The National Union of Air Transport Employees (NUATE), Air Transport Services Senior Staff Association of Nigeria (ATSSSAN) and the Association of Nigeria Aviation Professionals (ANAP) have said it has become necessary to notify the Federal Government, employers in the industry and the public that airport operations might become seriously constrained as a result of actions it is being compelled to take in defence of its members who have been laid off from work.
At a joint press conference held in Lagos on Wednesday, August 12, the General Secretary of NUATE, Ocheme Aba, the Deputy General Secretary of ATSSSAN, Frances Akinjole, and the Secretary General of ANAP, Abdulrazaq Saidu, claimed that aviation’s industrial space has become ‘severely fouled by extreme wickedness to employees, disrespect to labour laws and utter disregard to labour relations practices by employers and government’ and that there is a compelling need for them to take actions against the assaults on the rights of aviation workers throughout Nigeria.
Among the issues enumerated, the unions claimed that more than 80% of the aviation workforce in the private sector who have been furloughed for the past four months remain in penury while another chunk of workers have been coping with half or less salary within the period but said that these same workers are expected to return to work until the companies are able to pay salaries.
The unions accused airlines of making it impossible for their employees to freely join trade unions of their choosing, saying it is in clear violation of the Constitution of Nigeria and the Labour Act. They said in view of this, they have served notices to airlines like Arik Air, Aero Contractors, Turkish Airlines, Air Peace, Dana Air, Azman Air, Caverton Helicopters, and others and that in the coming days, the airlines will ‘have to contend with the wrath of aviation workers unless they ameliorate their various situations soon enough.’
They also said that the negotiated conditions of service in most of the agencies have been lying fallow for over seven years and that the Minimum Wage Act which was signed into law and took effect from April 1, 2020 has not been implemented by most of the agencies.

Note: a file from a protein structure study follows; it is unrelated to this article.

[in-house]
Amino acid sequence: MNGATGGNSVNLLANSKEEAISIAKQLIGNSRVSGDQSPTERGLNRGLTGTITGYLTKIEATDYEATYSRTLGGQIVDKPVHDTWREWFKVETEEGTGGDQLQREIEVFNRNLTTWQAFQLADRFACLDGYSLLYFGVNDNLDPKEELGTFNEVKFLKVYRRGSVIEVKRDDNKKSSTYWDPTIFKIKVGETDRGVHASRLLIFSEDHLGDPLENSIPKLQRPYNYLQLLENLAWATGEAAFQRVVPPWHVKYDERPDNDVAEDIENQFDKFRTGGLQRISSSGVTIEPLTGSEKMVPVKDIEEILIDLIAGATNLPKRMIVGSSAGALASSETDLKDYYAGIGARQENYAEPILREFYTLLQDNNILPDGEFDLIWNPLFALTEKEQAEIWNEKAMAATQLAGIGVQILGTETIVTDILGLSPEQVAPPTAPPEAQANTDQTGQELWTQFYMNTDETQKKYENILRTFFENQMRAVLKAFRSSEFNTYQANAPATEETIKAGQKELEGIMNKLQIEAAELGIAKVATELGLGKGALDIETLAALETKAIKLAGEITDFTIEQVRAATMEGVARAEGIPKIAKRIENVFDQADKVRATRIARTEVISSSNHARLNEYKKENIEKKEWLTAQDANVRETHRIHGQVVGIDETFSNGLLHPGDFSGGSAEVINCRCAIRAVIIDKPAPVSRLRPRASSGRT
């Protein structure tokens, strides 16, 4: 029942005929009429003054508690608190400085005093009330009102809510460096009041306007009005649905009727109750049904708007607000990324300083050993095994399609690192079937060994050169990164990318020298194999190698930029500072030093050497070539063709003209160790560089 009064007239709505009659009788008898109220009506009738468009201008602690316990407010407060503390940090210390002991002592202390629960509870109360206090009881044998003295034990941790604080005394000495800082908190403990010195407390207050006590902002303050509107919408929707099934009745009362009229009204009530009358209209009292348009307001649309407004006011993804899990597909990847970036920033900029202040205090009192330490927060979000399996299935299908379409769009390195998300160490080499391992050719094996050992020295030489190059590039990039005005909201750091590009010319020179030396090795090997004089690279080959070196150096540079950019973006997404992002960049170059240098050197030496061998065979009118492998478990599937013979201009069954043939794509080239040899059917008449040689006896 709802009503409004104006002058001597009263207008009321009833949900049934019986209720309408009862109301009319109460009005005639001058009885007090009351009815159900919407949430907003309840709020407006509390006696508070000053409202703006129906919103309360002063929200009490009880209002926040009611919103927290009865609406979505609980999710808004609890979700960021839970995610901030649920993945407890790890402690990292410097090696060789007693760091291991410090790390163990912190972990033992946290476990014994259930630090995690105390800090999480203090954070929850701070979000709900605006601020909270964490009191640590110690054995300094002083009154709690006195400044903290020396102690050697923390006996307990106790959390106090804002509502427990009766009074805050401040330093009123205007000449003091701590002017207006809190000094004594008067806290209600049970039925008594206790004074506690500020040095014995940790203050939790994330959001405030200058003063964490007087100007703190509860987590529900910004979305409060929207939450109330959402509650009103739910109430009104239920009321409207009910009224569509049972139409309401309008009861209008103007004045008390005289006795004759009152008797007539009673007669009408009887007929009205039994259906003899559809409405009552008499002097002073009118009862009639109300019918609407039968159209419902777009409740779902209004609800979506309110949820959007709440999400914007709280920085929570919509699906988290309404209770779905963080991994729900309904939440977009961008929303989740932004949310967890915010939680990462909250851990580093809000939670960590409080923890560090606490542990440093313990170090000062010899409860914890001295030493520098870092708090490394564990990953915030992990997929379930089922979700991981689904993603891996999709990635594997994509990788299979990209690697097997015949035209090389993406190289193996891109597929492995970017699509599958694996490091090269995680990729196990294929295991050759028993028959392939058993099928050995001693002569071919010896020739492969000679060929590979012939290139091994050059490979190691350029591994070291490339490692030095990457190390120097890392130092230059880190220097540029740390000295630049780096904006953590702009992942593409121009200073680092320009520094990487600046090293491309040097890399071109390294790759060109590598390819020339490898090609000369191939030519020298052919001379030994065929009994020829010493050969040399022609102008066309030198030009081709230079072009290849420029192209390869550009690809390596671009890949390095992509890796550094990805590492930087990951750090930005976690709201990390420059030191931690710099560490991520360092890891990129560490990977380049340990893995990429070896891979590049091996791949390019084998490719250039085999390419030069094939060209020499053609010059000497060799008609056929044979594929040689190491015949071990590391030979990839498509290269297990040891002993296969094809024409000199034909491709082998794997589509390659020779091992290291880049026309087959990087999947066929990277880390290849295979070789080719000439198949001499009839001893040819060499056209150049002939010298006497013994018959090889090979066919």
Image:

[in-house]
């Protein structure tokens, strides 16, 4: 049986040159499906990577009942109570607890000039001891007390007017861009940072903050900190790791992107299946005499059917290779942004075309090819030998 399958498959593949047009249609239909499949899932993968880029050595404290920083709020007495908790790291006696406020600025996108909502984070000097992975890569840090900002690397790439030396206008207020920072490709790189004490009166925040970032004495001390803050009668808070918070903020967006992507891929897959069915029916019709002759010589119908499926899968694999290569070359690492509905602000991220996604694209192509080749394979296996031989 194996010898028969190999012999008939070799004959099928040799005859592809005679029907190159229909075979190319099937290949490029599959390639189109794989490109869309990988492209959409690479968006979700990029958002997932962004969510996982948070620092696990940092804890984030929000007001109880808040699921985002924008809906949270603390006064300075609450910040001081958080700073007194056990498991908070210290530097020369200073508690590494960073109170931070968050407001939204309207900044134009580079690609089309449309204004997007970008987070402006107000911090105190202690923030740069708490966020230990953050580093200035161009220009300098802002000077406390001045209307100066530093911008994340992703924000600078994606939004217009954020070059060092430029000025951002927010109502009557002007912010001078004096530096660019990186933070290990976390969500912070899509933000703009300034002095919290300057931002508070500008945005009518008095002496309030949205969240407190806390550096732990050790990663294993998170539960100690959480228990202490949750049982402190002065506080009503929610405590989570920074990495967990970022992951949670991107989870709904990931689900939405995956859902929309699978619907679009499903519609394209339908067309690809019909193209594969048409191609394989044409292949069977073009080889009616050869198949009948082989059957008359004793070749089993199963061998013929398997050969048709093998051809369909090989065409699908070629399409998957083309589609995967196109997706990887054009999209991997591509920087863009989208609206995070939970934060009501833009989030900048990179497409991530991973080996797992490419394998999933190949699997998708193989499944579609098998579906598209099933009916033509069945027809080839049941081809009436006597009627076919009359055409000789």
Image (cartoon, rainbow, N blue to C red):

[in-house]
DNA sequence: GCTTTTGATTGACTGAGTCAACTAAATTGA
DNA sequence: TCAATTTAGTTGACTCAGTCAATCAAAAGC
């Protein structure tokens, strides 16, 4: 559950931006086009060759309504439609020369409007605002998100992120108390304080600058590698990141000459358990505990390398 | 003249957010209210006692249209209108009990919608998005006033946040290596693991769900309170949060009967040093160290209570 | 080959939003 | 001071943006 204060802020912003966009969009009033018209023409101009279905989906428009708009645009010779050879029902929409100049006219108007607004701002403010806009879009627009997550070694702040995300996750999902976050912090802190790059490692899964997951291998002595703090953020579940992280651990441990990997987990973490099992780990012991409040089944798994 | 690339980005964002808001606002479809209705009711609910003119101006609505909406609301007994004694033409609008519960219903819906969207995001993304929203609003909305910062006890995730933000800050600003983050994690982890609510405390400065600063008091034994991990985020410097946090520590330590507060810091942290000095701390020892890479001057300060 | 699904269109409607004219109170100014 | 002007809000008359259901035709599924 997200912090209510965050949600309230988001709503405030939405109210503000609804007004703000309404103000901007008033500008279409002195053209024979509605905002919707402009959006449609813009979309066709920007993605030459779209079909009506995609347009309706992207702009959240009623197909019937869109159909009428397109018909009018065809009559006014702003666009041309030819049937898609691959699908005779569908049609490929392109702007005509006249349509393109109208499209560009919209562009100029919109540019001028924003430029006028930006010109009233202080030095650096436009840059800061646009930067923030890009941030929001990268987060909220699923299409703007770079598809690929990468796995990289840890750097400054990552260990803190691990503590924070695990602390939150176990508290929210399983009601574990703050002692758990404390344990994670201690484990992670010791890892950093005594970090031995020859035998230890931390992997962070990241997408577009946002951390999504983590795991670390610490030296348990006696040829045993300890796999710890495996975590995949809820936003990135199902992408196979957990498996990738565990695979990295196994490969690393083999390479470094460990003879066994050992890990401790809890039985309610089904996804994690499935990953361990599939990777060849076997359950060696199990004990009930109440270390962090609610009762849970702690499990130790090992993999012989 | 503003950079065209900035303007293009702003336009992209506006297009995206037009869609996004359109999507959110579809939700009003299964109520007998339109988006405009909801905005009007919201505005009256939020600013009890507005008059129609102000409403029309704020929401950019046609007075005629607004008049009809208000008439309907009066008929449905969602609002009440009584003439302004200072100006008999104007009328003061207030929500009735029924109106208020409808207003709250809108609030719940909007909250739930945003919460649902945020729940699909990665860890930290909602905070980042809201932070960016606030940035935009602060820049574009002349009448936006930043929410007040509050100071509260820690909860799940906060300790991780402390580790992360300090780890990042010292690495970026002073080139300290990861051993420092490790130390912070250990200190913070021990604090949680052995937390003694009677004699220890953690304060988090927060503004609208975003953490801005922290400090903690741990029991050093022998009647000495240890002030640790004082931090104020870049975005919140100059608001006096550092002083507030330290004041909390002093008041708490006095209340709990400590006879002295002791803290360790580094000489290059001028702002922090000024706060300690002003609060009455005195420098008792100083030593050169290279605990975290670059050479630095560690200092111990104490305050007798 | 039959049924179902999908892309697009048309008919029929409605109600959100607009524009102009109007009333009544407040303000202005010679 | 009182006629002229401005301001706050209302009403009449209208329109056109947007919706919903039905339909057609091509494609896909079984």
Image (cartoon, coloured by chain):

On the relocation of agencies to Abuja, the unions said they pointed at the present crisis of COVID-19, the absence of budgetary provision for most, if not all the agencies in the current budget cycle, the unavailability of office buildings in Abuja, the absence of any real pressure to do so, and other extenuating circumstances which they had hoped would cause a change of strategy to a more pragmatic approach.
The unions also said they are in vehement opposition to what they say is the selective concession of four international airports through a process of ‘compromised integrity.’ They said they have voiced their concerns and offered credible alternatives but that the Minister of Aviation, Captain Hadi Sirika is going on with the exercise. They however vowed that they not ‘sit idly and let another PHCN-styled deceit and malfeasance be foisted on them again.’
They then proffered solutions saying: “The government should establish national and tripartite aviation bodies of labour, government and employer representatives to develop strategies, coordinate investment and financial responses, plan the supply of labour, and oversee all aviation operations.
“Extend sick leave entitlements, maintain incomes and extend social protections to all workers, including formal, precarious and informal workers, regardless of status of employment and reduce subcontracting and outsourcing services and jobs and, where appropriate, mandate airport authorities to directly manage and/or employ all airport staff, including outsourced and agency workers, cleaners, etc.
“The government should offer conditional relief and support services to airlines, airport authorities and supply chain companies, including through debt relief, delays to tax and duties, and public ownership of shares; agree conditions for these financial and support packages, including on the private repurchase of shares following the recovery of the industry that: Protects the pay, terms, conditions and welfare of all aviation workers.
“In the light of the foregoing, we find it necessary and expedient to notify the government, all employers in the industry, airport users and the general public that aviation’s industrial space has become severely fouled by extreme wickedness to employees, disrespect to labour laws, and utter disregard to cherished labour relations practices by employers and government. There is therefore, a compelling need for our unions to take decisive actions against these unpardonable assaults on the rights and sensibilities of aviation workers throughout Nigeria.
“Accordingly, we shall be moved to apply maximum might of our unions combined, with the full support of NLC and TUC, in dealing with the various nefarious activities by individual aviation companies, agencies and establishments, each according to individual letters they will receive from us severally or jointly. Importantly, we equally serve notice hereby that our unions will give full effect to the two weeks ultimatum given by the NLC to the various entities to comply with labour laws or face the consequences of their actions,” the unions said.